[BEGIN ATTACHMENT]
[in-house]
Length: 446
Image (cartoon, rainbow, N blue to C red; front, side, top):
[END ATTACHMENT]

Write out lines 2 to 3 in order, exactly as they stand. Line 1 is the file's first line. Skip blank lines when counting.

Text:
Length: 446
Image (cartoon, rainbow, N blue to C red; front, side, top):